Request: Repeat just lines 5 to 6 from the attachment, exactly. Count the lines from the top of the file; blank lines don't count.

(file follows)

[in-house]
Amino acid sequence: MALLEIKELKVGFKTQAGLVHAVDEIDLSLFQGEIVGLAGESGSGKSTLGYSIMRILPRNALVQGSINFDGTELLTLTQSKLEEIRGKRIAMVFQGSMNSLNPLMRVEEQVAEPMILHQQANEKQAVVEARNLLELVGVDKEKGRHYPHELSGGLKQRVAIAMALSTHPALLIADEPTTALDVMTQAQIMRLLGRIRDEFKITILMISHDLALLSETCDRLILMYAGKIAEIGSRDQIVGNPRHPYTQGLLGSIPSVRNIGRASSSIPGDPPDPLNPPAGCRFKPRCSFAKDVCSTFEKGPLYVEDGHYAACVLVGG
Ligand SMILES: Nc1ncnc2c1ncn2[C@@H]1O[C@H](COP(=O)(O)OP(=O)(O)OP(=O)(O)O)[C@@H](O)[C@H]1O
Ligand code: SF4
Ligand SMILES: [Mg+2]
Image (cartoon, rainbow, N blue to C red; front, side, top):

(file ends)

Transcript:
Ligand SMILES: [Mg+2]
Image (cartoon, rainbow, N blue to C red; front, side, top):